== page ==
Editors Note: this article is reprinted with the author’s permission, and appears here in the Culpeper Star Exponent.
The president of the United States has performed his Constitutional duty, under Article II, Section 2, to nominate a replacement, Judge Merrick Garland, to succeed the late Justice Antonin Scalia. Now, it is the duty of the president to appoint Judge Merrick to the Supreme Court, “by and with the Advice and Consent of the Senate.”
Senators don’t have to approve the nomination, but they shouldn’t draw salaries for doing nothing. The Majority Leader, Senator Do-Nothing Mitch McConnell, only “speaks” for 54 Republicans, not for every senator, but so far, he has refused to allow the Senate to act.
The cases that come before the Supreme Court are as wide and varied as our people and say volumes about our ideals over the past two centuries. March 1857’s Dred Scott decision ruled that Americans of African descent, whether free or slave, were not American citizens and could not sue in federal court. The Court also ruled that Congress lacked power to ban slavery in the U.S. territories. Finally, the Court declared that the rights of slave owners were constitutionally protected by the Fifth Amendment because slaves were categorized as property.
It was not a stellar moment in American history.
At the opposite end of the spectrum, almost 100 years later in Brown v. the Board of Education, the Supreme Court handed down a landmark unanimous decision declaring state laws establishing separate public schools for black and white students to be unconstitutional. The court stated that “separate educational facilities are inherently unequal,” and as a result de jure racial segregation was ruled a violation of the Equal Protection Clause of the 14th Amendment to the Constitution.
Cases that come to the Supreme Court often have high stakes and are not without controversy: Roe vs. Wade, marriage equality, the Affordable Care Act, personal ownership of handguns, eminent domain, to name just a few instances. We all know that various groups feel passionately about these important issues.
There are a number of very important and controversial cases now before the court that are of particular interest to Virginians: Republican gerrymandering of Congressional districts, and “prison or not” for former Governor Bob McDonnell, to name just two.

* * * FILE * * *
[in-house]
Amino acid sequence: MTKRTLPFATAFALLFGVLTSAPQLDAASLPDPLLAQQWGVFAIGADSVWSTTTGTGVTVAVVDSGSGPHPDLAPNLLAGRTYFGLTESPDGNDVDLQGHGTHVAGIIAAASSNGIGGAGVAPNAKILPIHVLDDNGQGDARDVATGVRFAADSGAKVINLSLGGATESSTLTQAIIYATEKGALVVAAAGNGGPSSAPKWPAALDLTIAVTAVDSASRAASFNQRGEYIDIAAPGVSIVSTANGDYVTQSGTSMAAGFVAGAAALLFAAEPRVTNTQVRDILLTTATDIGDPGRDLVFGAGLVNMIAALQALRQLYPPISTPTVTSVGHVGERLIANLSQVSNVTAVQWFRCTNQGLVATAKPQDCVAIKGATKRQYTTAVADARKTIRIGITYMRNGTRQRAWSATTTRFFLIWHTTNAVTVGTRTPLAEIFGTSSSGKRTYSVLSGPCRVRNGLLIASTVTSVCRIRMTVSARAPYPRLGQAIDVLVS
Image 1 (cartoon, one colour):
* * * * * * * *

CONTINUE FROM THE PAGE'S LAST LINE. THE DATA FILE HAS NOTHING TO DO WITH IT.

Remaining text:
If the court splits four-to-four, the lower court rulings will stand – McDonnell will go to jail and we’ll all be voting in redrawn districts in November. Apparently, throwing the former governor under the bus is a small price to pay for blocking the president’s nomination.
The current controversy, ignited unnecessarily by McConnell before Scalia’s body was even cold, seeks to preserve the previous conservative advantage on the court by denying the president the opportunity to appoint his own nominee, with the hope that a conservative will win the presidency in November and nominate somebody like Scalia to fill his vacancy. The first part of McConnell’s strategy, to deter through political bombast the president from even making a nomination, has already failed.
Despite his continued posturing, there appear to be cracks in the wall of opposition (the second part of McConnell’s strategy) to even giving the nominee a hearing, as several Republican Senators have indicated a willingness to talk with Judge Garland.
Everyone agrees that Garland is eminently qualified, though the Freedom Caucus would rather have a nominee to the right of Attila the Hun, and progressive Democrats would rather have a nominee far to the left of Teddy Kennedy. Incredibly, McConnell recently expressed his opinion that any nominee would have to win the approval of the National Rifle Association. Really? Really?
Bloomberg Politics reports that the Republican blockade “isn’t about Garland, or even really their newly invented talking point that the public should get a chance to weigh in in November. It’s about the balance of power at the court. They don’t want to let it swing from a majority of Republican-nominated justices to a majority of Democrat-nominated justices for the first time in decades if they can do anything to stop it.
In fact, the voters have already spoken, by reelecting the president to a second term that does not end until Jan. 20, 2017. McConnell’s desire to reverse the 2012 election or shorten the president’s term is pure House of Cards political fantasy. He is trying to gamble with America’s future. Several polls have shown that the American people do not want the Supreme Court to remain toothless for the next several months.
McConnell’s strategy may backfire. If he continues his practice of obnoxious obstructionism, strident partisanship, and mindlessly blocking every single thing the President proposes, including this nomination, it could likely result in an electorate that grows tired of the Ship of State not only being dead in the water, but in danger of sinking during the next eight months. It would serve the Republican Party right to lose, not only the presidency, but their majorities in the Senate and House of Representatives. Enough, indeed, is enough.